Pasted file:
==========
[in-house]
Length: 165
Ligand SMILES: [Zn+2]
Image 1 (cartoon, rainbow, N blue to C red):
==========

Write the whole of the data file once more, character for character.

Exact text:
[in-house]
Length: 165
Ligand SMILES: [Zn+2]
Image 1 (cartoon, rainbow, N blue to C red):